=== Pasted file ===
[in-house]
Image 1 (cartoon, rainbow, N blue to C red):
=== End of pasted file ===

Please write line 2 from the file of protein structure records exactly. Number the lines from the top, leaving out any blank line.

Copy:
Image 1 (cartoon, rainbow, N blue to C red):